“I learned so much from watching Sheila Wellstone,” said Rosenthal, who was the head of the National Network to End Domestic Violence in 2000, the last time the Senate considered a VAWA bill while the Wellstones were alive. “Her role was really amazing.”
Finding an area of her own
After Paul Wellstone won election to the U.S. Senate in 1990, Sheila Wellsone began looking for a policy area she could make her own, and quickly took up the cause of domestic abuse. Wellstone’s Senate communications director, Marcia Avner, staffed Sheila Wellstone’s trips around Minnesota, when she’d talk with members of the state’s domestic violence community — survivors, law enforcement officials, educators, clergy and so on.
By the time then-U.S. Sen. Joe Biden introduced the original VAWA legislation, a few years into her husband’s term, Sheila Wellstone had begun working with her staff and, at times, her husband’s, to put violence prevention and outreach measures into the bill.
Early on, she had two main policy focuses, Avner said: framing domestic violence as a health care and social justice issue instead of just a legal one, and working with Minnesota businesses to highlight the impact of domestic abuse on the workforce.
“She was a fast learner and she had a very deep commitment to ending the violence,” Avner said.
One of her first major goals was to provide more services for children who lived in abusive homes. Paul Wellstone added the provisions to the VAWA bill, creating an educational initiative for children exposed to violence and worked to ease the exchange of custody for children in abusive homes.
Later iterations of the bill contained Wellstone-backed provisions to protect immigrant women, and study the effectiveness of college programs to prevent sexual assault. He introduced a bill establishing a full-time Office on Violence Against Women in the Department of Justice. Beyond just the VAWA, he introduced legislation to train health professionals to recognize domestic abuse, increase penalties for repeat offenders, and ban those with domestic abuse convictions from owning guns. By all accounts, Sheila’s fingerprints were all over those initiatives.
Sheila Wellstone’s advocacy went beyond legislation. She held an annual event on Capitol Hill to raise awareness about domestic violence, and eventually forged an informal national network of advocates, for which she became a national spokeswoman.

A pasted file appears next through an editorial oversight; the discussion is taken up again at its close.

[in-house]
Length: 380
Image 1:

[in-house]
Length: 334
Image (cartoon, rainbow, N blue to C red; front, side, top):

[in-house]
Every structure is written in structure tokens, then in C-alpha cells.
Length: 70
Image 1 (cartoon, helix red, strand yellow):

Her influence was noted early. At the signing ceremony for the original VAWA bill, Biden was the first to credit parts of it to Sheila Wellstone.
“She has done more than most people who serve in the United States Congress,” he said.
While Congress has considered an extension of the Violence Against Women Act this spring, the Wellstones keep popping up in efforts to gain support for the bill. Both Sens. Amy Klobuchar and Al Franken, who holds Wellstone’s old seat, gave floor speeches in April praising their work.
“Paul and Sheila believed that domestic violence was not just a law enforcement issue,” Klobuchar said then. “It was an issue about civil rights, justice and human dignity.”
Franken’s address was emotional, and he choked up as he quoted Sheila Wellstone on the floor: “In a just society, I think we have to say this over and over and over — we are not going to tolerate the violence.”
Franken added, “The VAWA reauthorization bill is another step toward a more just society, as Sheila described it, and I look forward to it becoming law.”
Klobuchar and Franken were speaking mainly in tribute to the Wellstones, at a time when VAWA’s passage in the Senate was never in doubt (it passed 68-31). But when a divided House passed a different version of the bill last week, Minneapolis Democrat Keith Ellison invoked them to rally support against the legislation.
Democrats opposed the House bill because it didn’t include certain protections for Native Americans, immigrants and the LGBT community. Republicans say the bill is streamlined to ensure funding is there for people who need it.
The Senate bill contains the protections, and in a note to his constituents, titled “Sheila Wellstone’s Legacy,” Ellison called them “key provisions for which Sheila and Paul fought.”
“Sheila listened to the stories of victims of domestic violence, and became a leading expert on the issue,” he wrote. “We should heed Sheila’s words and make sure the Violence Against Women Act protects all women.”
The White House has backed the Senate version, Rosenthal said, because it includes the provisions the House left out.
“Every time VAWA has been reauthorized, it’s been improved,” she said.
Rosenthal was awarded the first Sheila Wellstone Institute advocacy award in 2006, four years after the plane crash that killed Paul and Sheila, their daughter Marcia, and five others. Rosenthal attended their funeral, and said she was not alone in having stories about the couple’s influence on policy.
“He was like our guy on domestic violence,” Rosenthal said. “He was everybody’s guy, and Sheila was everybody’s advocate.”